Community demands justice over illegal arrest, brutalisation of villager by Army
Dakunji community in Vwang District of Jos South Local Government Area in Plateau, on Saturday accused the military of invading the village to illegally arrest and brutalise a villager.
Chairman, Dakunji Concerned Citizens Forum, Mr Pam Logyang, made the accusation at a news conference in Jos.
Logyang said that operatives of Operation Safe Haven (OPSH) a military task force set up to maintain peace in Plateau stormed the village at midnight on Sept. 13 and arrested one Davou Nyango.
“On the midnight of Sept. 13, the military without prior notice or warrant of arrest went to the residence of Nyango, a former Transitional Secretary of Jos South Local Government Council, broke into his house and took him away.
“The armed military men, numbering more than 15 shot sporadically into the air while the ordeal lasted,’’ he said.
Logyang said members of the community traced and found Nyango at the Area Command in Bukuru, near Jos before he was transferred to OPSH headquarters in Jos.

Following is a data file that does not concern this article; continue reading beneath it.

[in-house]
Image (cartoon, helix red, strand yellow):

He added that Nyango was detained for nine days and was brutalised leading to damage to his right eye.
He said also that the incident left the victim and the community physical and emotionally traumatised.
The forum demanded that the military repair Nyango’s damaged house, compensate him and also pay his hospital bills as he was still treating his damaged eye.
Logyang said the community had pledged to work cordially with the military adding that all military actions must be in accordance with the 1999 Constitution and military extant law.
In a reaction, the Military Information Officer in the area, Maj. Ishaku Takwa, admitted that the military arrested and detained Nyango, but denied torturing him.
“It is true that one Davou Nyango was arrested and detained by the military after his name was mentioned by a suspect who committed a crime.
“We carried out our investigation and discovered that he was not involved in the said crime so we released him; we are still investigating, if there is the need, we will invite him again.
“It is not true that we brutalised him. I saw him the day he was released and he was hale and hearty,’’ Maj. Takwa said.